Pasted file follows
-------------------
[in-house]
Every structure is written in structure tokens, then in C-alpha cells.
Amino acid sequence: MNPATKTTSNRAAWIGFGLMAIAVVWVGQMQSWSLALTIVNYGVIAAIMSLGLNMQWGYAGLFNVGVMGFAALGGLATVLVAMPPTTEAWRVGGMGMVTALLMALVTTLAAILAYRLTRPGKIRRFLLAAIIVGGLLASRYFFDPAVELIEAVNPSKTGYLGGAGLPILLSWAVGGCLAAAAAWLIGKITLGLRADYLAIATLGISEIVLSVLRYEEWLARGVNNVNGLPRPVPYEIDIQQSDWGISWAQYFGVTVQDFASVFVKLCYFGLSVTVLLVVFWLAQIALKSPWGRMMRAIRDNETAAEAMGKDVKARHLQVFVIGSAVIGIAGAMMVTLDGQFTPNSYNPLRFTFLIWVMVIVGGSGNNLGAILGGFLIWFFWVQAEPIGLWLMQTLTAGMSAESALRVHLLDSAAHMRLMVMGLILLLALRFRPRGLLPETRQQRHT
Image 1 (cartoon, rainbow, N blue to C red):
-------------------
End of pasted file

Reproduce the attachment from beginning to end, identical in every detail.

[in-house]
Every structure is written in structure tokens, then in C-alpha cells.
Amino acid sequence: MNPATKTTSNRAAWIGFGLMAIAVVWVGQMQSWSLALTIVNYGVIAAIMSLGLNMQWGYAGLFNVGVMGFAALGGLATVLVAMPPTTEAWRVGGMGMVTALLMALVTTLAAILAYRLTRPGKIRRFLLAAIIVGGLLASRYFFDPAVELIEAVNPSKTGYLGGAGLPILLSWAVGGCLAAAAAWLIGKITLGLRADYLAIATLGISEIVLSVLRYEEWLARGVNNVNGLPRPVPYEIDIQQSDWGISWAQYFGVTVQDFASVFVKLCYFGLSVTVLLVVFWLAQIALKSPWGRMMRAIRDNETAAEAMGKDVKARHLQVFVIGSAVIGIAGAMMVTLDGQFTPNSYNPLRFTFLIWVMVIVGGSGNNLGAILGGFLIWFFWVQAEPIGLWLMQTLTAGMSAESALRVHLLDSAAHMRLMVMGLILLLALRFRPRGLLPETRQQRHT
Image 1 (cartoon, rainbow, N blue to C red):